The nanoelectronic road ahead
September 17, 2001 | Source: KurzweilAI
The semiconductor industry has the potential for at least 20 more years of exponential progress ahead of us,” said James D. Meindl, professor of electrical and computer engineering and director of the Microelectronics Research Center at the Georgia Institute of Technology in a paper published in the September 14 issue of the journal Science.Based on a comprehensive analysis of the fundamental, material, device, circuit and system limits on silicon semiconductors, Meindl predicts engineers will be able to downsize transistors by a additional factor of ten, producing terascale integration chips containing more than a trillion transistors. (Chips poised for production today contain a billion transistors).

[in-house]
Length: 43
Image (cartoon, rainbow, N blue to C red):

To produce trillion-transistor chips, he noted, the industry must be able to economically mass-produce structures on the nanometer-size scale. That means double-gate metal-oxide-semiconductor field effect transistors (MOSFETs) with gate oxide thicknesses of about one nanometer, silicon channel thicknesses of about three nanometers and channel lengths of about 10 nanometers — along with nanoscale wires for interconnecting such tiny components.
“Work that is going on in nanotechnology today is trying to create a discontinuity and jump to a brand new science and technology base,” Meindl said. “Fundamental physical limits encourage the hypothesis that silicon technology provides a singular opportunity for exploration of nanoelectronics.”